Panjabi at SOAS Language Centre
Panjabi (often spelled 'Punjabi') is statistically one of the most important languages of South Asia, with a number of speakers quite possibly in excess of 100 million. The difficulty in attempting to estimate speaker numbers is that in Pakistan, where the majority of speakers are located, the language has no official status and the language, being largely an oral medium, possesses a very considerable number of dialects.
In India, Panjabi has the status of official language and has its own distinctive script known as Gurmukhi, meaning 'from the mouth of the Guru'. Whilst it is by no means the only language of the Guru Granth Sahib (the collection of scriptures forming the core of Sikhism), it is unquestionably the case that Panjabi has become associated with Sikh identity – a fact reflected outside South Asia as well as within it.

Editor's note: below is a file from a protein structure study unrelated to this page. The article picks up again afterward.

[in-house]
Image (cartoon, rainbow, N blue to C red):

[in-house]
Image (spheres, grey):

The Panjab was severely affected by Partition, a brutal political separation that was not without linguistic consequences. In India, where Panjabi has been cultivated as a literary medium, numerous Persian and Arabic loan words have been replaced with words of Sanskrit origin. More recently, Panjabi speakers have borrowed from English – a feature particularly widespread in the Panjabi spoken in diaspora.
Language Centre courses in Panjabi:
- Introduction to Panjabi (from January 2014)